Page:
03/06 2013

Color and Web Browsers

This post is related to the Design Miami meetup on March 4, 2013. I did a quick talk about "Color and Computers", and Dimitry Chamy did a wonderful and exhaustive talk about using colors in design. Links to meetup materials are available, and you’re welcome to future meetups.

Web browsers take descriptions of colors from CSS declarations. Some of them are:

12-bit RGB color, four bits per hexit1
24-bit RGB color, four bits per hexit
rgb(255, 0, 255)
RGB color, decimals
rgb(100%, 0%, 100%)
RGB color, decimal percents
hsl(300, 100%, 50%)
HSL color, decimal degree for hue, and percents for saturation and lightness2

The written-out RGB and HSL declarations with decimal-encoded numbers don’t specify precision per se. The W3C recommendation for the CSS Color Module doesn’t either. If you wanted, you could jam negative numbers or decimal places in there:

Values outside the device gamut should be clipped or mapped into the gamut when the gamut is known: the red, green, and blue values must be changed to fall within the range supported by the device. […]


em { color: rgb(255,0,0) }       /* integer range 0 - 255 */
em { color: rgb(300,0,0) }       /* clipped to rgb(255,0,0) */
em { color: rgb(255,-10,0) }     /* clipped to rgb(255,0,0) */
em { color: rgb(110%, 0%, 0%) }  /* clipped to rgb(100%,0%,0%) */

Since the W3C doesn’t provide much guidance, we have to see how browsers implement colors.

Google Chrome, Apple Safari, and other WebKit Browsers

CSS parsing is done by WebCore, mostly in WebCore/css/CSSParser.cpp3. It calls CSSParser::parseColorParameters for RGB colors:

bool CSSParser::parseColorParameters(CSSParserValue* value, int* colorArray, bool parseAlpha)
    // …
    for (int i = 1; i < 3; i++) {
        // …
        colorArray[i] = colorIntFromValue(v);

RGB color components are converted to integers. HSL:

bool CSSParser::parseHSLParameters(CSSParserValue* value, double* colorArray, bool parseAlpha)
    // …
    colorArray[0] = (((static_cast(parsedDouble(v, ReleaseParsedCalcValue)) % 360) + 360) % 360) / 360.0;
    for (int i = 1; i < 3; i++) {
        // …
        colorArray[i] = max(0.0, min(100.0, parsedDouble(v, ReleaseParsedCalcValue))) / 100.0;

HSL colors are parsed as floating-point (the double type), but, in WebCore/platform/graphics/Color.cpp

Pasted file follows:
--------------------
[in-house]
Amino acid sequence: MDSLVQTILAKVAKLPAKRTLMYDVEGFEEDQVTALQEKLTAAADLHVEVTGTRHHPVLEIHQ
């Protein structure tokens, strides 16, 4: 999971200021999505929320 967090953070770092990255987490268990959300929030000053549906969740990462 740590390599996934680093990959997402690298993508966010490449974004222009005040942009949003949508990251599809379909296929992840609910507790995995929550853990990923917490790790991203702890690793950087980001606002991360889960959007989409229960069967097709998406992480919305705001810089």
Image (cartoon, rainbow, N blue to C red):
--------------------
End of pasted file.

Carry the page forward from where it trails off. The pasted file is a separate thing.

RGBA32 makeRGBAFromHSLA(double hue, double saturation, double lightness, double alpha)
    // …
    return makeRGBA(static_cast<int>(calcHue(temp1, temp2, hue + 1.0 / 3.0) * scaleFactor), 
                    static_cast<int>(calcHue(temp1, temp2, hue) * scaleFactor),
                    static_cast<int>(calcHue(temp1, temp2, hue - 1.0 / 3.0) * scaleFactor),
                    static_cast<int>(alpha * scaleFactor));

We see that our carefully described, bespoke, artisanal, floating point colors are being converted down to 24-bit RGB (well, 32-bit RGBA).

Mozilla Firefox and other Mozilla Browsers

HSL conversion for CSS is done in layout/style/nsCSSParser.cpp:

bool CSSParserImpl::ParseHSLColor(nscolor& aColor,
                                  char aStop)
  float h, s, l;


  if (ExpectSymbol(aStop, true)) {
    aColor = NS_HSL2RGB(h, s, l);
    return true;

HSL is converted into an nscolor instance. As implemented in gfx/src/nsColor.h, it’s a 32-bit RGBA thing, just like WebKit.


Storing more than 32 bits of color in your RGB/RGBA declarations is silly. If you use either of the 24-bit representations above (or the 12-bit representation, since it converts losslessly into 24-bit), you’ll get correct4 colors.

If you use HSL colors, you’ll lose some precision in conversion, but probably no worse than you’ll lose when your site gets displayed on a 18-bit or fewer display (such as in the iPhone 3GS and earlier).


  1. "hexit" is like a digit but hexadecimal instead of decimal. If you like contractions, "hexadecimal digit" becomes "hexit."
  2. The degrees component doesn’t have a glyph because it’s unintuitive to type: ⌥⇧8 on Mac OS X, Alt-0176 on Windows, ⌃⇧-UB0 on Ubuntu.
  3. I’m not pasting whole functions because C++ is ugly and verbose.
  4. As much as you can have correct colors on the web.